Climate change could be making us fatter, dumber and more depressed: report

Increasing temperatures could lead to higher rates of obesity. Source: AAP

A new report has found climate change is having some unexpected consequences for people living in the Asia Pacific region.

While it's often reported that climate change is affecting the health of our planet, a new report charting the effects of climate change across the Asia Pacific region has found it is also having an effect on the health of the population.

The study from Global Health Alliance Australia (GHAA) outlined a series of areas where the health of the region's population was being affected by changes to the climate, including reduced IQs in the children of people who have survived natural disasters, malnutrition due to declining crops and death from heatwaves.

The report, published this week, also pointed to increased rates of obesity as a potential unexpected consequence of climate change, with rising temperatures leading to reduced rates of physical activity.

People living in rural Australia are particularly susceptible to increased rates of mental illness due to the effects of climate change.
People living in rural Australia are particularly susceptible to increased rates of mental illness due to the effects of climate change.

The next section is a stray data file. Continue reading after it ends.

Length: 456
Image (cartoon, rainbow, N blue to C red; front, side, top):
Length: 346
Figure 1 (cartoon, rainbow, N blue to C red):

"Some by-products of fossil fuels also produce endocrine-disrupting chemicals that modify the microbial content of the gut," the report added.

"When this occurs in women, especially during pregnancy, this can change the precursors of adipocytes [fat-storing cells] during fetal development."

According to the report, rural Australians are particularly vulnerable to health effects of climate change, with a reduction in agricultural productivity due to weather leading to increased rates of depression, anxiety, substance abuse and suicide in these communities.

Alongside rural Australians, women, children, Indigenous people and disabled people were also identified as groups who were particularly at risk. 

In the case of children, the report said there is growing evidence from women who have experienced extreme weather events, like floods, bushfires, droughts and cyclones, while they were pregnant that suggests their children also experience adverse consequences - including when it comes to their cognitive and language development.

"The presumed mechanism is stress hormones crossing the placenta and producing adverse effects on the foetus’s neurocognitive development," the report states.

As part of the study, the GHAA devised a nine-point plan aimed at reducing the health impacts of climate change.

These recommendations include recognising the health impacts of climate change, introducing training programs for health professionals on how to adapt to the changing health effects and devising an implementation agenda for reducing the impact.

Authors of the report, GHAA executive director Misha Coleman and professor of planetary health at the University of Sydney Anthony Capon said "primary prevention" of health effects should be the "top priority".

"In the case of climate change, this means climate change mitigation to avoid potentially unmanageable health impacts," the report read.

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